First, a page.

Hvacr subcontractors who have worked on engineered projects have probably come across a practice called “value engineering,” in which a third party or general contractor (GC) makes changes to help the owner cut down the cost of construction/installation. Too often, however, the practice results in bad decisions that cause problems such as noise and vibration, or worse.
Value engineering as it is typically practiced “involves neither value nor engineering,” stated an attendee (ASHRAE policy dictates that forum participants are not identified when the forum is reported on in the trade press).
Although the forum was geared toward engineers, it’s important for subcontractors, as well as design engineers and building owners, to distinguish between formal value engineering and the other, informal cost-cutting practices. Infor-mal value engineering is:
- Marketed as a cost-cutting tool;
- Done by general contractors and construction managers; and
- Limits the involvement of other project team members.
Overall, it tends to reduce the quality of the project by straying from the design intent, and increases liability for just about anyone involved in the project, including subcontractors, unless they take steps to protect themselves from litigation.
Big noise from WinetkaAlthough devalue engineering can adversely affect many areas of an hvac project, acoustic factors, which tend to be subjective, are assigned low value and are likely victims of mistaken value engineering.
According to engineers attending the forum, this leads to a “fix it later” approach, and “builds on a momentum of ignorance.” (You know, the “It’s the way we’ve always done it” attitude.)
And, it typically involves a low-bid situation with a guaranteed maximum price.
Here are some typical devalue engineering substitutions:
- Acoustic cork sandwiches are substituted for spring isolators.
- Inertia bases are “deleted” and pumps are bolted onto slab on base.
- Large, slow fans are substituted with smaller, faster fans.
- Downblast rooftop units are installed instead of horizontal distributing units.
- Fewer, larger vav boxes are used.
- Variable-speed drives are replaced with inlet guide vanes, leading to rumble.
- Vibration isolation is value-engineered out.
The attendees had many horror stories to relate of chillers and other types of large, noisy equipment installed without proper isolation over, say, courtrooms and penthouses. In the courtroom cases, the judges demanded that the work be fixed, which cost more than it would have to stick to the original design. And that penthouse became unsuitable for habitation, losing its high-income potential for the building owner — “a warehouse space with a great view.”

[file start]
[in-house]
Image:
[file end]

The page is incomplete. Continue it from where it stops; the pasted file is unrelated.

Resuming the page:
In general, “The cost savings of inept ‘value engineering’ have been eclipsed by resulting retrofits,” a speaker pointed out.
There is an association dedicated to formal value engineering. SAVE International, Northbrook, IL, offers training, certification, networking, and more to its members in 35 countries. (For more information, visit the group’s Web site at www.value-eng.com.)
Out of the loop, counting beansAn attendee wondered how many so-called value engineering plans are shown to the acoustical firm for evaluation before they are put into practice. There was general agreement that acoustical consultants are out of the loop by the time it comes to the value engineering stage.
“The GC and bean counters too often are making the decisions,” complained an engineer. The question then becomes, how to educate the owner?
For starters, “Let’s only call it value engineering when it really is,” one engineer suggested. “Let’s help the owners know when it’s cost cutting versus value engineering.”
Too often, the job was under-estimated in the first place in order to land the contract. Then the value engineering fee is driven by the amount saved for the owner. “They should bring the cost estimator in early on,” was one comment.
“If the ‘value engineer’ offers $100,000 savings, we need to inform the owner about the cost associated with the risks…and don’t give that work away.”
If cuts need to be made, and acoustics will probably suffer as a result, “It needs to be a conscious decision: How much will we let the noise levels rise?”
Moreover, it’s incumbent on the design engineer to warn owners of the ramifications and consequences of cost cutting. Subcon-tractors should consider this as well. Then, document that you told the owner to spare yourself the potential litigation.
“We need to educate owners that when the job goes over budget, don’t take the money out of hvac.”